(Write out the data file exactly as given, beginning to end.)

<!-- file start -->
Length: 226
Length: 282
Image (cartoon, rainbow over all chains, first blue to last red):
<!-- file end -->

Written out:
Length: 226
Length: 282
Image (cartoon, rainbow over all chains, first blue to last red):